Being a Performance Engineer in the Node.js Platform Team at Netflix means I oftentimes have to troubleshoot performance issues in applications my team doesn't own. It's unfeasible to expect all applications to have instrumentation code that allows them to run V8 performance analysis tools (such as CPU Profiles, Heap Profiles and Heap Snapshots), so I wrote a CLI that allows users to run those performance analysis tools without making any changes to their code: @mmarchini/observe. I realized I never wrote anything about this CLI, so this is a lil blog post about it :)
As mentioned before, sometimes you need to troubleshoot an application that is already running. The Inspector Protocol allows you to call V8 troubleshooting tools without making any changes to your application. It's the same protocol used by Chrome DevTools, and it exposes similar troubleshooting features as the ones available on Chrome DevTools. It is, therefore, a powerful protocol.
Unfortunately, using the protocol by itself can be overwhelming for new users. Existing tools that use it are generally aimed at development environments, with either GUIs or REPLs as their only interfaces, which prevents automation.
There are libraries that make usage of the inspector protocol more straightforward, but most libraries I found had to be loaded within the app, therefore requiring code change and a redeploy, which can take time to happen and hinder performance investigation for time sensitive issues.
I also wanted something with as few direct and transitive dependencies as possible. Most packages I found had more dependencies than I wanted.
The closest I found to what I wanted was chrome-remote-interface, which is a great package with few dependencies and a programmatic API that allows users to connect to running applications and run inspector protocol commands on it. It doesn't abstract away the complexities of the Inspector Protocol though, and I wanted something that could be run as a one-liner most of the time.
Since the tools that Node.js/V8 provide for performance analysis via Inspector Protocol are well defined, it seemed like a good use case for a CLI. Its execution mode is somewhat inspired by Java Flight Recorder (but without the need to start an application with specific flags), dtrace, bpftrace, and similar tools. The resulting CLI depends only on
commander, which resulted in only two direct and no transitive dependencies. Small install size and lower vulnerability surface area ftw!
@mmarchini/observe can be installed via your package manager of choice or can be run with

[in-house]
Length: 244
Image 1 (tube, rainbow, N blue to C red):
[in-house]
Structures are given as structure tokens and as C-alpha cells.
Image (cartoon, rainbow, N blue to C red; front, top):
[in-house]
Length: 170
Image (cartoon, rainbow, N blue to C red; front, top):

npx. I'll be using
npx in the examples below as that's my personal preference, but you should use whatever you have available and feel comfortable with.
A list of available commands can be seen by running:
npx @mmarchini/observe --help
Options for each command can be seen by running those commands with
npx @mmarchini/observe heap-profile --help npx @mmarchini/observe heap-snapshot --help npx @mmarchini/observe cpu-profile --help
As of right now, there are three tools available:
cpu-profile. Heap Snapshots and Heap Profiles are memory analysis tools, with the former taking a "snapshot" of V8's memory, and the latter sampling stack traces every X allocations. Heap Snapshots are expensive but comprehensive and good to determine where most of the memory is currently being used.
Heap profiles (known as "Allocation Samples" on CDP interface) are a lightweight, sample based profiler that captures stack traces on allocations, and is a good tool to understand how memory is growing over time. CPU Profile, as the name suggests, is your typical CPU profiler and it samples stack traces at regular intervals.
memleak usage with Node.js applications, and I might write an updated guide on Linux perf in the future.
You should pass the
-f <filename> option to save the output from each tool into a file. Those files can then be loaded on Chrome DevTools (chrome://inspect and open the "dedicated DevTools for Node"), or with any other tools that can process these files. Since DevTools don't have FlameGraphs for CPU Profiles, I usually use Speedscope since it has a nice interface and features, and has no server-side processing. I won't go into how to interpret the results from each tool in this blog post, but I plan on writing individual interpretation guides for each tool.
@mmarchini/observe, a tool intended to be simple and portable, yet powerful. Contributions are welcome, I have some features in mind for future updates but don't know when I'll get to it. As mentioned above, I only showed how to use the tools here. I'll be writing follow up blog posts on how to successfully interpret the results from each tool.